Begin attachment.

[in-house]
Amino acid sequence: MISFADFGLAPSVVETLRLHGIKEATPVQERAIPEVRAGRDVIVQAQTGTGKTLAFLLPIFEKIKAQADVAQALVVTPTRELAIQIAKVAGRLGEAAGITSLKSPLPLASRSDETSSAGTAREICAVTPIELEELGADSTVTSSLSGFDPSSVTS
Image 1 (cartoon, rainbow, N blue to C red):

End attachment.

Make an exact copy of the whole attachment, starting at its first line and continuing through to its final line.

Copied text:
[in-house]
Amino acid sequence: MISFADFGLAPSVVETLRLHGIKEATPVQERAIPEVRAGRDVIVQAQTGTGKTLAFLLPIFEKIKAQADVAQALVVTPTRELAIQIAKVAGRLGEAAGITSLKSPLPLASRSDETSSAGTAREICAVTPIELEELGADSTVTSSLSGFDPSSVTS
Image 1 (cartoon, rainbow, N blue to C red):